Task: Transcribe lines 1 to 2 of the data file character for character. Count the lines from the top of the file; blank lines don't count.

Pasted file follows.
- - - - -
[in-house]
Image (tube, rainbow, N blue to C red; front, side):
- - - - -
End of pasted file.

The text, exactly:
[in-house]
Image (tube, rainbow, N blue to C red; front, side):